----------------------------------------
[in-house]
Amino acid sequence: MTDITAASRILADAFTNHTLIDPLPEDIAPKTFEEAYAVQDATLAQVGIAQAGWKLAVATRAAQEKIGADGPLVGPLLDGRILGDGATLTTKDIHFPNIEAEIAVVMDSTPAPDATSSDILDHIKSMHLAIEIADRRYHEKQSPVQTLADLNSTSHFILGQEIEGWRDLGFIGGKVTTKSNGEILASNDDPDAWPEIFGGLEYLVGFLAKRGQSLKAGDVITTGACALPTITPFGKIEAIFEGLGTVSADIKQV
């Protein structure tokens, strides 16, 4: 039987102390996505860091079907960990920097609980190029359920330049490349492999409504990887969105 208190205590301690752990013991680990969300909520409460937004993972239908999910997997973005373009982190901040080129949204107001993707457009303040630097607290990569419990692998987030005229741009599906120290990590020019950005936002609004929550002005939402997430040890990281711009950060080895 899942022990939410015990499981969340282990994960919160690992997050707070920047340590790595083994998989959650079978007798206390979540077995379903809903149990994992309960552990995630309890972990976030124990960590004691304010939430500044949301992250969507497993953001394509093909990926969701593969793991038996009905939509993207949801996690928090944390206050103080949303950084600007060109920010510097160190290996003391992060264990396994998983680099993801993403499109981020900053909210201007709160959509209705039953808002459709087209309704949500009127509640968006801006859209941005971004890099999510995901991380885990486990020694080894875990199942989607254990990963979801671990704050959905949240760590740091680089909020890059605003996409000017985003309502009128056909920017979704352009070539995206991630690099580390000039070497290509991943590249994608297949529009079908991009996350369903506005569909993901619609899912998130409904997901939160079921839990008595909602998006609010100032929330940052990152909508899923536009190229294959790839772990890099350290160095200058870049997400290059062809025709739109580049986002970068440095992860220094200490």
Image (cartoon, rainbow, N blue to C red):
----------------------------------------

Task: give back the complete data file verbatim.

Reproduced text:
[in-house]
Amino acid sequence: MTDITAASRILADAFTNHTLIDPLPEDIAPKTFEEAYAVQDATLAQVGIAQAGWKLAVATRAAQEKIGADGPLVGPLLDGRILGDGATLTTKDIHFPNIEAEIAVVMDSTPAPDATSSDILDHIKSMHLAIEIADRRYHEKQSPVQTLADLNSTSHFILGQEIEGWRDLGFIGGKVTTKSNGEILASNDDPDAWPEIFGGLEYLVGFLAKRGQSLKAGDVITTGACALPTITPFGKIEAIFEGLGTVSADIKQV
């Protein structure tokens, strides 16, 4: 039987102390996505860091079907960990920097609980190029359920330049490349492999409504990887969105 208190205590301690752990013991680990969300909520409460937004993972239908999910997997973005373009982190901040080129949204107001993707457009303040630097607290990569419990692998987030005229741009599906120290990590020019950005936002609004929550002005939402997430040890990281711009950060080895 899942022990939410015990499981969340282990994960919160690992997050707070920047340590790595083994998989959650079978007798206390979540077995379903809903149990994992309960552990995630309890972990976030124990960590004691304010939430500044949301992250969507497993953001394509093909990926969701593969793991038996009905939509993207949801996690928090944390206050103080949303950084600007060109920010510097160190290996003391992060264990396994998983680099993801993403499109981020900053909210201007709160959509209705039953808002459709087209309704949500009127509640968006801006859209941005971004890099999510995901991380885990486990020694080894875990199942989607254990990963979801671990704050959905949240760590740091680089909020890059605003996409000017985003309502009128056909920017979704352009070539995206991630690099580390000039070497290509991943590249994608297949529009079908991009996350369903506005569909993901619609899912998130409904997901939160079921839990008595909602998006609010100032929330940052990152909508899923536009190229294959790839772990890099350290160095200058870049997400290059062809025709739109580049986002970068440095992860220094200490």
Image (cartoon, rainbow, N blue to C red):